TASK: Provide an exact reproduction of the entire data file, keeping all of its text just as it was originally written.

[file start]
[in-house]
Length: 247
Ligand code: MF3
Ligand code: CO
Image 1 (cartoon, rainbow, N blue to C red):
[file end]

[in-house]
Length: 247
Ligand code: MF3
Ligand code: CO
Image 1 (cartoon, rainbow, N blue to C red):